Wilmington’s Sugarfoot gourmet cafe closes

A choice spot for delicious lunches and a pillar of the gourmet catering landscape has closed.

In a letter posted on social media earlier today, Sugarfoot Fine Food and Gourmet Catering owner Anne Day announced that her Wilmington cafe in the Devon had closed.

“It is with a touch of bittersweetness and a dash of hope that I announce the closure,” Day wrote in message addressed to “friends.”


Day opened the catering business – and the original storefront location on Lincoln Street – in 1999.  She said her aim had been to “bring organic, West Coast culinary style to Delaware.”  Day thanked her loyal customers and said she would miss “so many smiling faces” at breakfast and lunch each day.

Sugarfoot inside The Devon had white dining tables where you could see lots of lunchtime regulars

She did not share a reason for the closure.

Anne Scott was one of the shop’s many fans who was saddened by the news.

“Their location at the Devon had such a relaxed atmosphere. You really ran into people there … the food was just really spectacular … you could get a good salad you to get a good sandwich,” said Scott.


“I loved their avocado salad, their chicken salad. Their soups were really good. There wasn’t anything that I didn’t like. And if I really wanted to be decadent, I loved the grilled cheese tomato and bacon, with delicious bread, sharp cheddar cheese, crisp bacon – I’m going to miss lunch at Sugarfoot,” said Scott.

Scott also said with the last year’s departure of Moveable Feast and the more recent closing of De La Coeur, the closing of Sugarfoot is significant. ”

You know, when I’m running around , sometimes I want to stop in somewhere and grab a good bite. Something that’s delicious, high quality and healthy. “There’s really not that many places to do that in anymore in that in a personal, privately-owned and non-chain kind of a place,’ said Scott.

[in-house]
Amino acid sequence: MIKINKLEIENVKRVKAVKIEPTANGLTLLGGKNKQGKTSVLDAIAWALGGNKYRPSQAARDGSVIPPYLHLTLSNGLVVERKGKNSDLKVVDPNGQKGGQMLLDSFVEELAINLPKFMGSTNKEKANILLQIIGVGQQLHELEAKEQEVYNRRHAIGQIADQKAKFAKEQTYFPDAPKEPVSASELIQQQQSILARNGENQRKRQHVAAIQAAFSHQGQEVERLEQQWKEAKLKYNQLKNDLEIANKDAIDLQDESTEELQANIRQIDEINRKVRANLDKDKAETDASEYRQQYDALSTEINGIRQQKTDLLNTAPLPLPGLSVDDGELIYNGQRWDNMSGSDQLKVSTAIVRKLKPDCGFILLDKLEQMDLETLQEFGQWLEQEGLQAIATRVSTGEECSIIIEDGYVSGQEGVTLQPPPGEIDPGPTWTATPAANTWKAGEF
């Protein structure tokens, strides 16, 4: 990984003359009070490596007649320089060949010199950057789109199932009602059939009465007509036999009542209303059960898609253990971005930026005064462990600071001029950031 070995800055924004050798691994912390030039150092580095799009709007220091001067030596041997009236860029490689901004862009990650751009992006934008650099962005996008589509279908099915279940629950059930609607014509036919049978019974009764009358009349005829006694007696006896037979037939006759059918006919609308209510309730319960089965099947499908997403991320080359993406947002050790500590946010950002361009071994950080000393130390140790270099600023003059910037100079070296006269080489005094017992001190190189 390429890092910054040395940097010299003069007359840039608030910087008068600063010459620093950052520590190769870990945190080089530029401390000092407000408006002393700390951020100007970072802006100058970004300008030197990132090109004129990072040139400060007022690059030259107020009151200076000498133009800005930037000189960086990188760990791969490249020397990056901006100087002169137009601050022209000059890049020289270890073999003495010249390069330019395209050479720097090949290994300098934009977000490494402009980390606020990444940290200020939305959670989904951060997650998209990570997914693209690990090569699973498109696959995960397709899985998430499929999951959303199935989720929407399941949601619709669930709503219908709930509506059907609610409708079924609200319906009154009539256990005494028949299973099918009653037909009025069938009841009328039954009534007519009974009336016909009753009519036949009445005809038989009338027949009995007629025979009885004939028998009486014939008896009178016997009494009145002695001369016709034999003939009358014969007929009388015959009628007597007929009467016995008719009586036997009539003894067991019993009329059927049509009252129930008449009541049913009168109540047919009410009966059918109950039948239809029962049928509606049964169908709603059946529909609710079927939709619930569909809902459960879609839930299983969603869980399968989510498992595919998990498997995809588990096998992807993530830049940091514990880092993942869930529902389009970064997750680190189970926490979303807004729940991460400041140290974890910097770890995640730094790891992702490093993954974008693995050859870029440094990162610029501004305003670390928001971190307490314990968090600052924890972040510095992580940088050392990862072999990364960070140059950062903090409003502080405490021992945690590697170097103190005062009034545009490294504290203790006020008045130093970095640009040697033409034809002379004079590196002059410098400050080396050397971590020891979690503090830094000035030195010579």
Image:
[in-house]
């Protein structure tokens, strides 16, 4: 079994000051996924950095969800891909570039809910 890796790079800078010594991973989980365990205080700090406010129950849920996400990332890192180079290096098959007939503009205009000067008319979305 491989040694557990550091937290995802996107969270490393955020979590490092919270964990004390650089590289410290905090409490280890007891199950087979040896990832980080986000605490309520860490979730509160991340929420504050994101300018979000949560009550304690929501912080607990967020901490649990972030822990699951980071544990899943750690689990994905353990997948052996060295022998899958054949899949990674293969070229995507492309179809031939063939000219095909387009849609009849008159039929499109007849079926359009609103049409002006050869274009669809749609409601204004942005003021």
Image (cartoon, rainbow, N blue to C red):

Another Sugarfoot customer and friend, Anna Biggs, reflected on how the cafe had been such an important part of the local community – and her family’s life – over the past 20 years.

“I was so excited when she opened the little place on Lincoln Street,” said Biggs. “That was where we go with the kids. She had that Noah’s Ark toy, and we would keep them entertained while we were waiting for the delicious food.”

“The flavors and tastes were things you hadn’t seen before,” said Anna Biggs of Sugarfoot owner Anne Day.

“I remember there was a peanut butter and blueberry sandwich that my son Jack just loved, and of course she did the chicken nuggets that were not like any other chicken nuggets — they were amazing.”

Biggs said Day’s catering had transformed the local offerings, bringing lighter new cuisines and experimental flavors to a market that had been dominated by very traditional options.


“Anne was the person that everybody turned to because the food was just extraordinary. The bite sizes were just right. The flavors and tastes were things you hadn’t seen before. She was always looking to be on the cutting edge,” said Biggs.

Day’s message teased that she had future plans in mind.

“This may be farewell to the cafe, but the Sugarfoot story doesn’t end here.  In closing this wonderful chapter, I am hopeful for where my love of fresh food and innovative culinary design leads!”


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